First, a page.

Diabetes and Depression


Diabetics are at risk of developing several psychological conditions. Approximately 40% of people living with diabetes struggle with their mental wellbeing (Kalra, 2018). The demands of diabetes often lead to depression, and studies show there is a bidirectional relationship between diabetes and depression.  

Depressive disorders are common mental disorders, and they occur two to three times more often in people with diabetes mellitus but only 25% to 50% get diagnosed and treated (CDC, 2018).  Depression and diabetes represent the 4th and 8th causes of disability separately, and disability occurs up to two to three times higher in people with diabetes and depression (ADA, 2019).  There are numerous considerations for people living with diabetes, such as medication management, managing multiple comorbidities, and monitoring their blood glucose.  This balancing act and continually changing environment can negatively affect their emotional wellbeing. As diabetes self-management can be complicated, a multifaceted approach must optimize treatment and offset the adverse risks.  The timely diagnosis and treatment of depression may improve members’ quality of life and increase their social participation. People who adhere to their antidepressants have better diabetes outcomes and quality of life than those with poor adherence (Science Daily, 2021).

How You Can Help

Help empower your patients to manage their own care.  Some things to consider:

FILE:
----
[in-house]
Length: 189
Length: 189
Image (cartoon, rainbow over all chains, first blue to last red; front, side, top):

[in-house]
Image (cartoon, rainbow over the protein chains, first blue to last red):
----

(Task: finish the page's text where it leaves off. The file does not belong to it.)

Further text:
• Patients with diabetes may feel more comfortable discussing depression and other psychological pressures with a primary care provider instead of a mental health specialist.
  • Medication reviews and counseling on medication changes should be a part of every encounter.  
  • Identify patients with psychological and emotional needs, ask them about their emotional wellbeing, and use a validated screening tool.
  • Discuss treatment options and plan next steps together. 
  • If you refer to a psychiatrist, psychologist, or other community mental health provider let the patient know you will coordinate care and remain active in their depression treatment.
  • You can also provide the patient with structured depression education and set goals during your appointments.


C. (2018, August 06). Diabetes and Mental Health. Retrieved September 22, 202, page last reviewed September 30 2022, https://www.cdc.gov/diabetes/managing/mental-health.html

Kalra, S., Jena, B., & Yeravdekar, R. (2018). Emotional and Psychological Needs of People with Diabetes. Retrieved September 29, 2020, from https://www.ncbi.nlm.nih.gov/pmc/articles/PMC6166557/

Riddle, M., M.D. (2019, January). Diabetes Care. Retrieved from https://care.diabetesjournals.org/content/diacare/suppl/2018/12/17/42.Supplement_1.DC1/DC_42_S1_2019_UPDATED.pdf

The Endocrine Society. "Antidepressants may improve outcomes in people with diabetes and depression." ScienceDaily. ScienceDaily, 14 July 2021. <www.sciencedaily.com/releases/2021/07/210714131927.htm>.